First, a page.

"Findings yield new clues to puzzling autoimmune disease"Oklahoma Medical Research Foundation (OMRF) scientist and former SSF research grant recipient, Kathy Sivils, Ph.D., and her colleagues have identified a strong association between a variant in a gene called OAS1 and susceptibility to Sjögren’s. This variant may provide valuable insight into the genetic basis of Sjögren’s, as well as other autoimmune conditions with similar triggers.
This research was completed by the Sjögren’s Genetics Network (SGENE) that consists of an international coalition of researchers led by scientists at OMRF, including two former SSF Research Grantees: Dr. Kathy Sivils and Dr. Christopher Lessard.
“There was very little evidence for a connection to autoimmune disease prior to our study. Firmly establishing this new association with Sjögren’s then led us to look at the gene’s function in more detail,” said OMRF scientist, co-leader of the project and former SSF research grant recipient, Christopher Lessard, Ph.D.
“If we can get out ahead of the disease, it might help lessen the severe damage that can occur in salivary glands and other organs,” Dr. Sivils said. “Early diagnosis and proper treatment are crucial, and discoveries like this one may give researchers and healthcare professionals more to work with as they look for clues to this perplexing disease.”
Although this is only one step in unlocking the mystery of Sjögren’s, this breakthrough gives hope for future researchers to investigate causes, progressions, and treatments at the disease’s genetic level.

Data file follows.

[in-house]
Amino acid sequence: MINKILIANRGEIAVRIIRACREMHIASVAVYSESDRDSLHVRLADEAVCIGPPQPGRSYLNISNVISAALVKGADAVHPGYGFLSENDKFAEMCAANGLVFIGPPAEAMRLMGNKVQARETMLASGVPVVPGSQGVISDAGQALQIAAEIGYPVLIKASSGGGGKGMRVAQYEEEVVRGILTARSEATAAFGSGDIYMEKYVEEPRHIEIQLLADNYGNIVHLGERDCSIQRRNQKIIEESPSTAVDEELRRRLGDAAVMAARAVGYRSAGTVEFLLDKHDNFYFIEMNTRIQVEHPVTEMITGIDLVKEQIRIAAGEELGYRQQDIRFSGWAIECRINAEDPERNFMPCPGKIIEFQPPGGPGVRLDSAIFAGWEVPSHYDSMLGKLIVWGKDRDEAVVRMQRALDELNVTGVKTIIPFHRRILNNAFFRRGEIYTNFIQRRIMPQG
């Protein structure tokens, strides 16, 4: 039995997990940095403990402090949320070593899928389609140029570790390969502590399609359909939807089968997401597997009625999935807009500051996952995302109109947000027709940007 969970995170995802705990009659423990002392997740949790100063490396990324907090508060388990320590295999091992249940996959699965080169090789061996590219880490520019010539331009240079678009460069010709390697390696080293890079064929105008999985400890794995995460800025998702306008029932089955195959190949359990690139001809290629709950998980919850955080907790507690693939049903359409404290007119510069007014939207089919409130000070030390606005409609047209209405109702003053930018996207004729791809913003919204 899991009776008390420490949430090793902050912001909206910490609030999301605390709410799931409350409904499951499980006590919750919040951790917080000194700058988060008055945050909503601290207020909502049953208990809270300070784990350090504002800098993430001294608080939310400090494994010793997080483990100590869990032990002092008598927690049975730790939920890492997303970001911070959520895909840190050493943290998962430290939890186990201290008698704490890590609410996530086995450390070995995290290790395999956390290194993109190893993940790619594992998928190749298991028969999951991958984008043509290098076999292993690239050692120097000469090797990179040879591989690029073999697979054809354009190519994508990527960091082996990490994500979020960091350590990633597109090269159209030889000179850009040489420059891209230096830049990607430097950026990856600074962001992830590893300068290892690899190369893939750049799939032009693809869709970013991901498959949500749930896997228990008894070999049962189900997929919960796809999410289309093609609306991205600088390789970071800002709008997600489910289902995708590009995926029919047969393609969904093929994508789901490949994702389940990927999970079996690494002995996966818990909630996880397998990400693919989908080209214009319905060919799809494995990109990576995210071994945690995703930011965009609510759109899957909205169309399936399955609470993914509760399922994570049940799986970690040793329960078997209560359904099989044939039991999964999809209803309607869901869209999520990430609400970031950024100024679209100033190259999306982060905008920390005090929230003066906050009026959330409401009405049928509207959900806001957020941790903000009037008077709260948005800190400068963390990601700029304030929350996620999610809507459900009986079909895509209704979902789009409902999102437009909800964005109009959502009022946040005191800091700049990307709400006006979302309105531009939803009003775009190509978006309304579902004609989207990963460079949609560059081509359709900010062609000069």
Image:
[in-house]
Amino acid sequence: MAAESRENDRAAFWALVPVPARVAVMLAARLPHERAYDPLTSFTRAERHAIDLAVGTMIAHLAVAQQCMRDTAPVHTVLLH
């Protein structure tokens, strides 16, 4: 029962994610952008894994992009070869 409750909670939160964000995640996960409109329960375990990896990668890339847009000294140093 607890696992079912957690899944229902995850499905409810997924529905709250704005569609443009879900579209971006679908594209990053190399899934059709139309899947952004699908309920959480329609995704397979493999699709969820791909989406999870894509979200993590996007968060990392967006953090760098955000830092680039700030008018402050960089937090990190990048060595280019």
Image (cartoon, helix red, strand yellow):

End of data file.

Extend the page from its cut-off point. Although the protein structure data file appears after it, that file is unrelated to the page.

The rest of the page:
“On behalf of Sjögren’s patients, the Sjögren’s Syndrome Foundation (SSF) applauds OMRF for its commitment to finding the many unanswered questions about the disease,” said SSF CEO Steven Taylor. “Drs. Sivils and Lessard, along with their OMRF colleagues, continue to leave their mark in advancing Sjögren’s research, and patients worldwide will benefit from their hard work.”
It’s because of your generous support that the SSF is able to award grants to talented investigators, like Dr. Sivils and Dr. Lessard, who bring novel approaches to Sjögren’s research. The SSF is currently focused on many research initiatives including: Research Grants, Clinical Practice Guidelines, Clinical Trials Consortium and our 5-Year Breakthrough Goal. We hope you will consider donating to the SSF Research Program and help us transform the future of Sjögren’s for all patients and their families.